Preparing the Coops and Chickens for a Storm

It looks like the big snow storm of January, 2016 is going to hit south of here. That’s fine with us. I do have a bit of experience to share. This is what it looked like out our backdoor last year.



Scooter has heard the weather reports and he’s not taking any chances. He’s already hunkered down. His strategy is to find the brightest patch of sun. Unfortunately, we can’t all adopt his storm plan. Some of us have responsibilities.



You might think about packing your hens up and bringing them into the house.



Don’t. They’ll do just fine, as long as you provide them with a few essentials. I hope that your coop already has windows, good ventilation and enough floor space for each hen – at least 4 square feet minimum per bird. (For more about coop design criteria, read this FAQ.) If not, do the best you can, shovel out an area outside for them as soon as the storm clears, and plan on expanding the coop in the spring!

Whatever your coop is like, give it a thorough cleaning before the snow flies. This will reduce moisture in the air (which leads to respiratory disease) and will make it much healthier for the hens while stuck indoors. Fill the waterer and the feeder. The last thing to do before tucking them in before the storm is to give them something that will keep them busy.

Years ago I posted this photo – hang a cabbage for a rousing game of cabbage tetherball. This idea has made it’s way around the internet. I’m proud to say that I started the trend of indoor athletics for hens!



I was also an early proponent of feeding pumpkins to chickens. Any of the hard winter squash work just as well. Just in case the weather report is wrong and the storm swings up this way, I bought two spaghetti squash – it’s always good to be prepared.



I also like to put treats into suet feeders. Not suet! Too fatty. Today I put apple halves in the hanging feeder in the Big Barn.


Once you’ve set your hens up in a clean coop with water, feed and something fun to do, you can hole up in your house, get the candles and board games out, just in case, and ride out the storm without having to worry about your hens.

Stay safe, everyone!


BTW- you can purchase cards with that wonderful image of the boy and his chickens here.


  1. Thinking of you and anyone who’s in the midst of what looks like a terrible few days’ weather over there. Stay warm and safe – and all your loved ones (human, furred, hairy and feathered!) too!

    • PS I’ve often chuckled over that ‘headless chicken’ in the pumpkin photo! ;D

  2. I also love that pic of the chicken and the pumpkin. Please keep your string as short as poss on the cabbage, I know someone who had the string long and lost one of her girls when she got the string tangled round her neck. What I do is get two old hanging baskets with big holes, put the cabbage inside and make a cabbage football which I either leave on the floor or hang from a thick wire which won’t bend and get round their necks.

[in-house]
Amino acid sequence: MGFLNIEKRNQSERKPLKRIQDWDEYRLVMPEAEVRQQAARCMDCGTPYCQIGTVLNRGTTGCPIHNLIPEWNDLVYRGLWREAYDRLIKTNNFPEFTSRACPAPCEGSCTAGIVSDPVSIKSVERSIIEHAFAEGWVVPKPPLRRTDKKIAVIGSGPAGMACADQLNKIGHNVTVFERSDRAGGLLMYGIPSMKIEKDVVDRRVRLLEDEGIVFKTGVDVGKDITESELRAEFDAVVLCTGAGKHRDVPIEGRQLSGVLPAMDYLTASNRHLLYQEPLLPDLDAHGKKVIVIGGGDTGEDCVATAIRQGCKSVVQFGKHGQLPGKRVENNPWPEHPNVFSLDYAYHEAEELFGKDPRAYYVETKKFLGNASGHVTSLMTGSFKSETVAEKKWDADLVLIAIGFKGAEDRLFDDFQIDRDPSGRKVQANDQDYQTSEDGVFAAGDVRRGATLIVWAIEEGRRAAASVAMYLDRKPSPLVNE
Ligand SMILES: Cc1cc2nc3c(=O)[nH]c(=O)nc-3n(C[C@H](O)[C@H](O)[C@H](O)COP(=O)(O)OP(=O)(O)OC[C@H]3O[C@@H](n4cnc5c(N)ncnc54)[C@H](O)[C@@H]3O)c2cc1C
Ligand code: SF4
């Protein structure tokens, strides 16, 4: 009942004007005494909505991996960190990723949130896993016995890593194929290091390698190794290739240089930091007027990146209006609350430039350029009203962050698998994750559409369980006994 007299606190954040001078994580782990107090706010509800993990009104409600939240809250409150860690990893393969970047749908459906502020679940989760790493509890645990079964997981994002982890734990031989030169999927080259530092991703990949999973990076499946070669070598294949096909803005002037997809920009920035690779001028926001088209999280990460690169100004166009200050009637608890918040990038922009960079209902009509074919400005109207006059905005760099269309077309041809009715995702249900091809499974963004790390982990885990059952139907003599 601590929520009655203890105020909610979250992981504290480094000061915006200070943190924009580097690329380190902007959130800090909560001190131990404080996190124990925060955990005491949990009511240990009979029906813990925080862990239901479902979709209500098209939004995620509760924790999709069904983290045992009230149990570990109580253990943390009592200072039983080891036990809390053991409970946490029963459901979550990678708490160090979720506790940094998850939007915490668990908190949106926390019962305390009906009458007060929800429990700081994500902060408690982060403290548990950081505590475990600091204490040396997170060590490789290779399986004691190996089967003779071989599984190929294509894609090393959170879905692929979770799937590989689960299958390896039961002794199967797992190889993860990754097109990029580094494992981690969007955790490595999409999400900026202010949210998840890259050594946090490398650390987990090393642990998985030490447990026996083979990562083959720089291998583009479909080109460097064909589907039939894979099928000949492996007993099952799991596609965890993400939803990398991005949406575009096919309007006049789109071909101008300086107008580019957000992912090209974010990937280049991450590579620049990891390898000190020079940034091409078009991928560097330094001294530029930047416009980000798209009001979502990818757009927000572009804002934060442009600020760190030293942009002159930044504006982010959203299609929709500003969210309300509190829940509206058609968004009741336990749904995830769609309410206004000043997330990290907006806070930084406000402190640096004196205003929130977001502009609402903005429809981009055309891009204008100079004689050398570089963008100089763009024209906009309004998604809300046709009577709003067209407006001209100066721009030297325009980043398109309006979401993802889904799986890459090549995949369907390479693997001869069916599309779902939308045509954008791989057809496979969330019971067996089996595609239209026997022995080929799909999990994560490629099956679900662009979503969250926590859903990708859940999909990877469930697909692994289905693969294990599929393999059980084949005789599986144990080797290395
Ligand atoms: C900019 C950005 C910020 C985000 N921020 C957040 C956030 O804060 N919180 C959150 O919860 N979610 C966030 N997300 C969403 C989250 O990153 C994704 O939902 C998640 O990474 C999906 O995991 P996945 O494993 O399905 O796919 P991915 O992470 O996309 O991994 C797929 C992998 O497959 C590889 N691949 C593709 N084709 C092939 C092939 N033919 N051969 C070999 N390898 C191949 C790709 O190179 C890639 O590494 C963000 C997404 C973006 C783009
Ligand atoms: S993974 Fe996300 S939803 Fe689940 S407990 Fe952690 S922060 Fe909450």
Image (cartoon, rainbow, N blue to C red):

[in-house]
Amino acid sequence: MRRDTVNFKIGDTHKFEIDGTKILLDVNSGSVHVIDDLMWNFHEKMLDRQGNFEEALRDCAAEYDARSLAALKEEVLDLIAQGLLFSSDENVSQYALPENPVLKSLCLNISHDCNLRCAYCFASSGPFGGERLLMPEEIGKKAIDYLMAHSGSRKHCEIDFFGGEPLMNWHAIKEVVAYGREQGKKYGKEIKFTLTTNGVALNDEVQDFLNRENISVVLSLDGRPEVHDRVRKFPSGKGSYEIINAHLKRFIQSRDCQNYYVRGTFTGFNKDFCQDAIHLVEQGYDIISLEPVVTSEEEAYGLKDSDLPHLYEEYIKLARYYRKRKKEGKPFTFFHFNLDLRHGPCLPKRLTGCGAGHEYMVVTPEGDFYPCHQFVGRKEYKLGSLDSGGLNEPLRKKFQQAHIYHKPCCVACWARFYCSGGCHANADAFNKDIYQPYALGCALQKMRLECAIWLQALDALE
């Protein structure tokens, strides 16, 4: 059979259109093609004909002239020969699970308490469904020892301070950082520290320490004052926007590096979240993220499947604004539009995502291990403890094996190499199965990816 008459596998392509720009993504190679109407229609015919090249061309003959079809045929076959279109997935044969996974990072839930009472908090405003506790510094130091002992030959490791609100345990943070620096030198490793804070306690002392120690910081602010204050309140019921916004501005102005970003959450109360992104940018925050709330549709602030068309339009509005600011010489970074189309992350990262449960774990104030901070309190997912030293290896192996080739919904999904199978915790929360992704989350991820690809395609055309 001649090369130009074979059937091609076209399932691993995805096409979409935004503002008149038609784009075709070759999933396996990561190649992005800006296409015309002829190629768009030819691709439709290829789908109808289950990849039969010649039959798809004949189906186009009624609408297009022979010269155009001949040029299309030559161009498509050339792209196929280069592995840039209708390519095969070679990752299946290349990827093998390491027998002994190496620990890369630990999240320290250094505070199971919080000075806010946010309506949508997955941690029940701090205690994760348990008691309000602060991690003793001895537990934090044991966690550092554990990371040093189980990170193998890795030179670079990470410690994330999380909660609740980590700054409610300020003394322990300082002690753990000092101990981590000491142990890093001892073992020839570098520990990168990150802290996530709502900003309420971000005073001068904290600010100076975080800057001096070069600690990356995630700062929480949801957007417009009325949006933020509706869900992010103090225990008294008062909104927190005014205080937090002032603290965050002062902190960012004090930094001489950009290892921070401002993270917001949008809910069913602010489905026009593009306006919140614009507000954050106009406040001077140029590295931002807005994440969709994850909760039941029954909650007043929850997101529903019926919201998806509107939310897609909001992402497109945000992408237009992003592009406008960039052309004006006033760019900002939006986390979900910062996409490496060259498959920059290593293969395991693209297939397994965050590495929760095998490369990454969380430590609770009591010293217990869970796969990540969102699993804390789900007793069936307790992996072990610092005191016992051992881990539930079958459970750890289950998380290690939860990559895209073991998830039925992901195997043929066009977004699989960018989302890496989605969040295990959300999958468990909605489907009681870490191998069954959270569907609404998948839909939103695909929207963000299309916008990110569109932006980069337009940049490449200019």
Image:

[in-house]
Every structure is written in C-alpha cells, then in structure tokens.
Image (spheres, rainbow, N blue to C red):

Scooter knows best. Keep safe and warm everyone..:)

    • You’re right about being cautious with the string. Once it has any slack in it, I put the cabbage on the ground. You can, of course, offer the cabbage on the floor.

  3. I have no chickens to keep safe. I do have a dog that says, “Bring It!”. :) We have been fortunate here, we only got half of what they were predicting. So far. The roads aren’t fun, but they’re doable. Of more danger here were all the crazy lunatics out yesterday stocking up on bread, milk, toilet paper… The storm will be gone by this evening for us, what the heck do they need all that stuff for???? I procrastinated on buying for my son’s birthday celebration which is why I was out. I got pushed and shoved in both stores. And in one parking lot alone, I was nearly run over while on foot and my car nearly hit twice on my way out. GAH!!!

    My brother is in the DC area. Insanity. People who don’t know how to drive in snow should stay off the roads. He knows how to drive in snow, but he’s not going out just ’cause of the idiots. Over a 1,000 traffic accidents in VA since yesterday.

    Okay, rant over. Hope the snow misses you completely. Stay warm and safe. I’ll bet Scooter would love some cuddle company!

  4. Now you tell me! I did bring my favorite chicken in the house. Not due to the weather however. We managed to dodge this snow event. My Dominique (with her head tucked under her wing) was knocked from the roost to the floor by a restless Salmon 4 nights ago. Just as I was going to trudge through the snow to check on her she got back on the roost (I have a coop camera). But the next day she was limping and getting worse. Now she is crated in the warm house and getting turmeric/ pepper/ coconut oil paste for inflammation. I don’t see a break. Injury seems to be located more in the hip. I have a shoveled patch outside and straw spread over the snow and bring her out for 45 – 60 minutes of outdoor visitation each day to keep her spirits high and her place with the flock. She is improving. Starts out walking fine but by the time I bring her in the limp is noticeable again. I definately don’t want her jumping from any roosts for a few days yet. In the meantime she is resting on an old towel on my lap watching the snow storm on the news together and being grateful it isn’t us this time around.